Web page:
Taking Risks in Relating

493e8095167f91743a1b Rather than focusing on the processing of trauma, the therapeutic relationship became a place of practicing and exploring how to relate. Not only did the relationship with the therapist become the blueprint for other relationships, therapy sessions were also a place for feedback and guidance.  Clients now needed to test themselves and other people by taking risks and cautiously revealing themselves. 

Each one has little terms to come out, and then bit-by-bit they gradual learn doing things together. It’s like sticking their nose out, and testing, always testing. And then it’s important to trust. Trusting the inside to be able to deal with the outside (Katherine 3/1).

When I go out, I usually ask people that I know to meet me, go with people that I feel safe with, people I trust. And I watch people, I suss people out.  When I have the feeling that they are OK, then I give them a chance. If they fuck it up, that’s it! If not, it’s good (Ruby 3/1).

The need to MAKING HUMAN CONTACT was so strong, that, even if clients did not understand why, they had to keep connecting. They had to continuously stretch beyond their comfort zone and take risks with other people.

I had to take a risk. I had to do it. I don’t understand it. I had so strong suicidal thoughts and acted on them but there was also I had to keep going, I had to keep connecting. I wonder whether because of different parts of us. (Carol 3/1).

Learning to relate was done by expanding one’s own interactional range and opening oneself up for new and different experiences. Clients observed people’s reaction when they gave them information about themselves. This took place very guardedly and they needed a lot of positive re-enforcement to continue with taking risks.

I told one set of friends (about the DID diagnosis), because I felt that they would understand. I haven’t told anyone else. Well, because they (friends) accept me for who I am (Sharon).

I going to hold myself here for the rest of my life if I don’t … open myself up to something different … nobody can get in, nobody can pull a thread out of my ball, you know. So I sort of try to open myself up a little bit more. But it’s not that easy. That’s why I am trying to do that group. I’m afraid it’s not going to happen and I am thinking, oh God, what am I going to do next? It’s going to be somewhere for me (Krista 1/26).

Krista indicated how at this stage a group experience would be ideal for her to explore and experiment with ways of relating to other people. For staying with the process of MAKING HUMAN CONTACT she needed a lot of support and encouragement. Faced with the alternative of living in isolation, MAKING HUMAN CONTACT and Learning To Relate took on a desperate dimension for her.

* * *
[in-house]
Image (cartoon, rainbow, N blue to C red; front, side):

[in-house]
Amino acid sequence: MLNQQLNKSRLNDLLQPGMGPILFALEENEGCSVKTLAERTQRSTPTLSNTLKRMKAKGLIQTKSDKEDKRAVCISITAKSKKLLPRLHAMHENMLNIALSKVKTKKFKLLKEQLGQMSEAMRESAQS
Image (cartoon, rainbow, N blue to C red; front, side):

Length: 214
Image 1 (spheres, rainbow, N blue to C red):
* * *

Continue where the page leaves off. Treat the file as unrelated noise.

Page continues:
This is a time of enormous vulnerability because the DID client ventures out into a situation for which s/he has no guidelines or road maps. To continue with their recovery, clients need to have lots of reassurance and support that helps them to be aware of their progress and achievements.

36 thoughts on “Taking Risks in Relating

  1. Leonie says:

    Vicki,
    You have summed this up beautifully, THANK YOU !
    I love the training wheels & aspire to the “No Hands”
    It’s a literary “piece” to behold & cherish.
    Again thank you for sharing. 🙂

  2. Leonie says:

    Vicki,
    You have summed this up beautifully, THANK YOU !
    I love the training wheels & aspire to the “No Hands”
    It’s a literary “piece” to behold & cherish.
    Again thank you for sharing. 🙂

  3. sophie says:

    keep on with your wonderful, inspiring ramblings. We all need to be reminded occasionally of the wonders of life and the things we should be grateful for – on this site i feel free to express how i feel, whats troubling me, and like you am very grateful for as you say “all who breathe life into this site”
    I look forward to the day when you write ‘look no hands’
    Loved the analogy of the training wheels – it brought a smile to my face (and tears to my eyes) – those tentative first tries, the wobbles, the crashing, the getting up and trying again, and again, and again – the mastering of it. we will all hopefully reach that stage.
    thank you for the smile you bought to my face – and the memories.
    keep on training!!!

  4. vicki says:

    CAUTION: Airy fairy fluffy comment ahead!!!!
    Some thoughts … I am so grateful for this site I started visiting here in 2007 shortly after I started with my current therapist and I feel like I have grown with the site. It feels like it has its own heart beat, its own breath. It seems the more people connect on here the more life that is breathed into it. I have the sense that it is developing its own soul, a beautiful strong survivor soul with a powerful healing aura. This site has really shown me what healing looks like. I am a book person who likes to teach myself things but I have understood so much more about healing through connecting with people here and in therapy.